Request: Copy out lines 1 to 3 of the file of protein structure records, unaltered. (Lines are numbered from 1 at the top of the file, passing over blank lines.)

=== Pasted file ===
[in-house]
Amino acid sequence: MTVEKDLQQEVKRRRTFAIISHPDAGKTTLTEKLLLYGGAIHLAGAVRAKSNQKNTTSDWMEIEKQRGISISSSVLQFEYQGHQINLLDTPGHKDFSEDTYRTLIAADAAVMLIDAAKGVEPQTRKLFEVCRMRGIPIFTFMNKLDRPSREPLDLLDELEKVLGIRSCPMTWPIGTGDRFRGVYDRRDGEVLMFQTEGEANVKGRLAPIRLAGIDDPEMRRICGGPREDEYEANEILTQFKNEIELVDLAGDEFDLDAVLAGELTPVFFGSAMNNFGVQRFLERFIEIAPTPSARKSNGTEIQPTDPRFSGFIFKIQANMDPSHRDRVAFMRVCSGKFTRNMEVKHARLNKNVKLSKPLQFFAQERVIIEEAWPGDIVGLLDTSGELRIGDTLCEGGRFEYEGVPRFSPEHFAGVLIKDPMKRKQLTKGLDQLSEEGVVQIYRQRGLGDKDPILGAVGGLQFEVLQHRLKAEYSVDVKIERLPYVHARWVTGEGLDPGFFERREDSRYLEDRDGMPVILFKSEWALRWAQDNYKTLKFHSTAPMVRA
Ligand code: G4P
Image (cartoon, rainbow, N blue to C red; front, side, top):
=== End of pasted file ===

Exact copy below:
[in-house]
Amino acid sequence: MTVEKDLQQEVKRRRTFAIISHPDAGKTTLTEKLLLYGGAIHLAGAVRAKSNQKNTTSDWMEIEKQRGISISSSVLQFEYQGHQINLLDTPGHKDFSEDTYRTLIAADAAVMLIDAAKGVEPQTRKLFEVCRMRGIPIFTFMNKLDRPSREPLDLLDELEKVLGIRSCPMTWPIGTGDRFRGVYDRRDGEVLMFQTEGEANVKGRLAPIRLAGIDDPEMRRICGGPREDEYEANEILTQFKNEIELVDLAGDEFDLDAVLAGELTPVFFGSAMNNFGVQRFLERFIEIAPTPSARKSNGTEIQPTDPRFSGFIFKIQANMDPSHRDRVAFMRVCSGKFTRNMEVKHARLNKNVKLSKPLQFFAQERVIIEEAWPGDIVGLLDTSGELRIGDTLCEGGRFEYEGVPRFSPEHFAGVLIKDPMKRKQLTKGLDQLSEEGVVQIYRQRGLGDKDPILGAVGGLQFEVLQHRLKAEYSVDVKIERLPYVHARWVTGEGLDPGFFERREDSRYLEDRDGMPVILFKSEWALRWAQDNYKTLKFHSTAPMVRA
Ligand code: G4P